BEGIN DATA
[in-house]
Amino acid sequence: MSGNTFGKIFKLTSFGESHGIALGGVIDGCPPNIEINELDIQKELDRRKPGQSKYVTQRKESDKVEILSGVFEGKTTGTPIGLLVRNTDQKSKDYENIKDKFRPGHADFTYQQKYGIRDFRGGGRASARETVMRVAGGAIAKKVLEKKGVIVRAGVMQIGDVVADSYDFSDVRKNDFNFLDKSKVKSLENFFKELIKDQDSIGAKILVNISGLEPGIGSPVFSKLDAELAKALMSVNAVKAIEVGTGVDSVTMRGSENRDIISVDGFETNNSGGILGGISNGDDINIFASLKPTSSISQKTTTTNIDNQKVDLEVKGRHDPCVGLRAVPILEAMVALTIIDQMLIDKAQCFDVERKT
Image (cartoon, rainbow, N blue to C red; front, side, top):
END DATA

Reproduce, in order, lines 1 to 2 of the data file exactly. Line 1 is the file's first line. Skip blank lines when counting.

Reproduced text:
[in-house]
Amino acid sequence: MSGNTFGKIFKLTSFGESHGIALGGVIDGCPPNIEINELDIQKELDRRKPGQSKYVTQRKESDKVEILSGVFEGKTTGTPIGLLVRNTDQKSKDYENIKDKFRPGHADFTYQQKYGIRDFRGGGRASARETVMRVAGGAIAKKVLEKKGVIVRAGVMQIGDVVADSYDFSDVRKNDFNFLDKSKVKSLENFFKELIKDQDSIGAKILVNISGLEPGIGSPVFSKLDAELAKALMSVNAVKAIEVGTGVDSVTMRGSENRDIISVDGFETNNSGGILGGISNGDDINIFASLKPTSSISQKTTTTNIDNQKVDLEVKGRHDPCVGLRAVPILEAMVALTIIDQMLIDKAQCFDVERKT